Opinion Pieces Suggest Global Health Priority Areas For WHO Under New Director General
Devex: Opinion: Is the future of global health safe with Dr. Tedros?
Claudia González Romo, special adviser and global chief of public advocacy at UNICEF
“…The global health challenges we face today are so immense, so complex, that it would be a mistake to be complacent about the journey [the new WHO director general, Tedros Adhanom Ghebreyesus,] is embarking upon. A strong, not obsolete, WHO is needed more than ever right now. … [O]ur world and its people stand at a crucial tipping point for survival and his leadership is absolutely critical. Changing climates, drug-resistant superbugs, malnutrition, and the constant threat of nation-crippling disease outbreaks all stand to define the world our children will inherit. For their sake, and for the sake of the billions of people living in vulnerable nations across the global south, I strongly hope he will focus on the following key points … WHO alignment with the Sustainable Development Goals … Making the agency fit for purpose to respond to outbreaks and health emergencies … Trusted engagement with member states … People-centered health policies…” (6/2).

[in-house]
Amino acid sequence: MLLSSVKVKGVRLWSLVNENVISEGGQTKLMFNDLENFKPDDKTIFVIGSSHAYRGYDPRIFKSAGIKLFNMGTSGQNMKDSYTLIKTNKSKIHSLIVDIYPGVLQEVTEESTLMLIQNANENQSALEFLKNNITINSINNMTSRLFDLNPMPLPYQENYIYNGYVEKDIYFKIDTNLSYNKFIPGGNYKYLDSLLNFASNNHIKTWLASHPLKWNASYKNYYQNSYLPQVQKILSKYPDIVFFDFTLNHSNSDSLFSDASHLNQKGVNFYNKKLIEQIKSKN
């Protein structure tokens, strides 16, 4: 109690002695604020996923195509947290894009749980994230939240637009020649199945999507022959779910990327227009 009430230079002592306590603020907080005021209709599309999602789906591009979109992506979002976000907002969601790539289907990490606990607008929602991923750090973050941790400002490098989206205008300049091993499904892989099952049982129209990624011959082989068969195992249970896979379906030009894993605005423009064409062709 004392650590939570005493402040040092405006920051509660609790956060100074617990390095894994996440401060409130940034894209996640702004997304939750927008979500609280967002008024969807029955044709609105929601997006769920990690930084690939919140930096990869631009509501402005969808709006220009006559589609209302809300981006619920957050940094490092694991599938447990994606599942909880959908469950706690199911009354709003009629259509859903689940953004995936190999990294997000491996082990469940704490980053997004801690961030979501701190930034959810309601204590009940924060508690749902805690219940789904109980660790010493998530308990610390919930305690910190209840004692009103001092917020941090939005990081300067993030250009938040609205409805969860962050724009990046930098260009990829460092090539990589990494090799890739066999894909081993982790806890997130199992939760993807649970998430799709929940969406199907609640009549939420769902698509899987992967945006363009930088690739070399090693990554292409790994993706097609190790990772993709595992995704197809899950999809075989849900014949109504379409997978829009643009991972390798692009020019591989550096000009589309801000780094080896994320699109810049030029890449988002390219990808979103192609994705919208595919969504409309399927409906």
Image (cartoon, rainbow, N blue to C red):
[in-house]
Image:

Huffington Post: World Health Transformed
Michael W. Hodin, executive director of the Global Coalition on Aging, managing partner at High Lantern Group, and fellow at Oxford University’s Harris Manchester College
“…[H]ow will the WHO balance communicable disease programs, the traditional focus of health efforts in low- and middle-income countries, with the two exploding health needs of the 21st century, namely, aging-related loss of functional ability and non-communicable diseases (NCDs)? … Already, the WHO has expressed its interest in functional ability with last year’s Ageing and Health Strategy, which was further accented [last] week by the Global Plan on Dementia at the 70th World Health Assembly. Both new strategies reflect how global public health realities are shifting, whether one lives in Africa, the U.S., or anywhere in between. But, for Dr. Tedros to be successful, he will have to build on these early steps with further efforts to truly revamp the WHO for this century’s health challenges. Three steps are essential: Raise the Ageing and Health Strategy to the top of the WHO’s agenda to prepare for the Decade of Healthy Ageing 2020-30. … Recognize the near perfect correlation between the aging of global society and the explosion of Alzheimer’s. … Smartly, wisely, but clearly and seriously reform the culture of the WHO — and public health itself…” (6/2).